said two side ends, said top face, said bottom face, said

front face and said rear face being configured such that, when said block and an underlying, like, block form part of the wall and the bottom face of the block engages the top face of a said underlying, like, block such that the front face of the block defines a portion of the wall face, the tongue interlock element of a said underlying block is able to register in the mortise interlock element of the block so as to be able to interlock both blocks such that relative forward and rearward displacement is inhibited, the front face of the block is vertically offset downwardly relative to the tongue element thereof, the foot element of the forward face portion of the block is able to engage the ledge element of the underlying, like, block.

The present invention further provides a block, for use in the construction of a wall wherein a plurality of like blocks are stacked in successive mortarless overlapping courses so as to define a wall face, said block comprising two side ends spaced apart by a top face a bottom face a front face and a rear face

said top face comprising a tongue interlock element and a declining drainage face portion, said drainage face portion connecting the tongue interlock element to the front face, said bottom face comprising a mortise interlock element and a forward face portion, said forward face portion connecting the mortise interlock element to the front face,

said two side ends, said top face, said bottom face, said front face and said rear face being configured such that, when said block and an underlying, like, block form part of the wall and the bottom face of the block engages the top face of a said underlying, like, block such that the front face of the block defines a portion of the wall face, the tongue interlock element of a said underlying block is able to register in the mortise interlock element of the block so as to be able to interlock both blocks such that relative forward and rearward displacement is inhibited, the front face of the block is vertically offset downwardly relative to the tongue element thereof, and the forward face portion of the bottom face of the block and the drainage face portion of the top face of said underlying, like, block are spaced apart and able to define side walls of a drainage air gap therebetween.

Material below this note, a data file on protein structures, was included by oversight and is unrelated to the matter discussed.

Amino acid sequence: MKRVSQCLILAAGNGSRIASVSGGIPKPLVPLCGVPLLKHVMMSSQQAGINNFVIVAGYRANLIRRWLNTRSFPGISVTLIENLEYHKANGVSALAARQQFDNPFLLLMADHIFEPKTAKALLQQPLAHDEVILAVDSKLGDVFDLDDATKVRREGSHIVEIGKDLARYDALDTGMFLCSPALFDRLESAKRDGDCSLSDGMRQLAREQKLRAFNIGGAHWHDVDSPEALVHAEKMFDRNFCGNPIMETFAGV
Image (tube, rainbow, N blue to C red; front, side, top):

The present invention in particular provides a block, for use in the construction of a wall wherein a plurality of like blocks are stacked in successive mortarless overlapping courses so as to define a wall face, said block comprising two side ends spaced apart by a top face a bottom face a front face and a rear face

said top face comprising a tongue interlock element and a declining drainage face portion, said declining drainage face portion comprising a ledge element and a top intermediate face element, said top intermediate face element connecting the tongue

6 SUBSTITUTΕSHEET(RULE26)

interlock element to the ledge element, said ledge element connecting the top intermediate face element to the front face, said bottom face comprising a mortise interlock element and a forward face portion, said forward face portion comprising a foot element and a bottom intermediate face element, said bottom intermediate face element connecting the mortise interlock element to the foot element, said foot element connecting the bottom intermediate face element to the front face,